Up until this morning, the line on the 2005 Atlantic hurricane season was "a lot of big destructive storms, but not the biggest." Last evening I heard that Tropical Storm Wilma had already jumped up to a Category 2 Hurricane Wilma, but this morning we have a Category 5 Hurricane Wilma with a central pressure of 884 mb, the lowest reading ever recorded for an Atlantic hurricane. Sustained winds of over 175mph and Cuba will take the first hit, then on to Florida this weekend it appears. Yikes.
The storm is going suck down cold air from the north onto Michigan, so our pleasant 60degF this morning will soon be history. I'm hoping it doesn't track up the East Coast and dump more rain on New England. Not a good year to be dirt -- it's getting washed out everywhere.
Besides the usual disaster/death watch on the cable news and weather channels, I saw an ad yesterday for a TV movie: Category 7: The End of the World. It never fails to impress me how no matter the size of any real disaster, Hollywood has to jump in with something BIGGER. Highest ranking of tornadoes is an F-5? Fine, we'll have an F-6 in a movie. The mythical but probable "Big One" in California Earthquakes is 9.0 on the Richter scale, so let's make a TV movie called 10.0.
It's Spinal Tap all over...
Nigel Tufnel: The numbers all go to eleven. Look, right across the board, eleven, eleven, eleven and...
Marty DiBergi: Oh, I see. And most amps go up to ten?
Nigel Tufnel: Exactly.
Marty DiBergi: Does that mean it's louder? Is it any louder?
Nigel Tufnel: Well, it's one louder, isn't it? It's not ten. You see, most blokes, you know, will be playing at ten. You're on ten here, all the way up, all the way up, all the way up, you're on ten on your guitar. Where can you go from there? Where?
Marty DiBergi: I don't know.
Nigel Tufnel: Nowhere. Exactly. What we do is, if we need that extra push over the cliff, you know what we do?
Marty DiBergi: Put it up to eleven.
Nigel Tufnel: Eleven. Exactly. One louder.
Marty DiBergi: Why don't you just make ten louder and make ten be the top number and make that a little louder?
Nigel Tufnel: [pause] These go to eleven.
I'm Late, I'm Late, For A Very Important Date
When I got to work this morning, I happened to notice that a colleague's car -- one of those compact Mercedes from like ten years ago -- had a right rear tire which was quite far down. Not completely flat, but large flabby "love handles" grabbing onto the asphalt. I got in touch with my colleague and offered the use of the 12-volt compressor I have in the back of my Blazer, but he "didn't have time". He'd noticed that the ride was very poor this morning, saw that the tire was low, but had to get to a dentist's appointment and figured to just put air in the tire at a gas station at some point.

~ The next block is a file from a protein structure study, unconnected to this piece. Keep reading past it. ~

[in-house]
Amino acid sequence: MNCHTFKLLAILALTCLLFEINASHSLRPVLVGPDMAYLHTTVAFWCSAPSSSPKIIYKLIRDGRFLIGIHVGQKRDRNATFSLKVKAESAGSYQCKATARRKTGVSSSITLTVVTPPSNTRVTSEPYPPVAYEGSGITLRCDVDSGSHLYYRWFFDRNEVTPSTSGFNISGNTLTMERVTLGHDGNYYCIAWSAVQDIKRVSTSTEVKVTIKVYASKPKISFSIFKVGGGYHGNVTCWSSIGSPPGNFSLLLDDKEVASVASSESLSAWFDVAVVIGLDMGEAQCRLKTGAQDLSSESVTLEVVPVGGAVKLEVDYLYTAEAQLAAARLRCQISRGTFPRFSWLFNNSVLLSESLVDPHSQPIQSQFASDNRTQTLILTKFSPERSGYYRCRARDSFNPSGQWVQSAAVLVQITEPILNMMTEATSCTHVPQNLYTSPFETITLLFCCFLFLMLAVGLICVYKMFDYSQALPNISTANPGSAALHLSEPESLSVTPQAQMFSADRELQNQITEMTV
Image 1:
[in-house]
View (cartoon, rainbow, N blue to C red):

I'm always paranoid about certain things and totally blase about others. I see a low tire and I don't want to have to either change a flat, wait around for AAA to come and change a flat or spend a lot of time sitting in the tire store waiting room while they do tires. So I'd want to pump up that puppy as soon as possible and see how fast it's leaking, to say nothing of damaging the tire by breaking down the sidewalls. I'm cheap, too, I guess.
Because none of have time any more. Our schedules have gotten crazy and hectic -- and that's without being a weirdo like me with a 150 miles of commuting a day -- and more inflexible for fitting in the normal diversions of modern life like auto repairs, doctor visits and dentists. Couple that with the bargains we make with ourselves... the tire isn't completely flat, so I should be able to make it some more today... maybe I'll get it filled tomorrow. If I have time... (grin)
The Moon, The Moon
Monday evening after sunset, I spotted a spectacular pink full moon rising over Grand Rapids. Very bright moonlit sky at 2:20am as I went to bed. Tuesday evening, at the same spot on I-196, it was too overcast to see if the moon was up yet. But by the time I got to 84th Avenue near Allendale, a slightly off-kilter no longer full yellow moon lay nestled on a couple of fluffy flat clouds, looking like some egg yolk surrounded by the rest of the fried egg... On both evenings, after the sun had set, brightly reflecting jet contrails heading east and west high overhead made it look like some primordial skyscape when the solar system was still flooded with comets -- beautiful, but full of impending impacts. I keep working on stories involving a sky full of comets, perhaps with scientists stranded on a developing planet's surface, unable to guess when the next killer comet would strike, but knowing one would...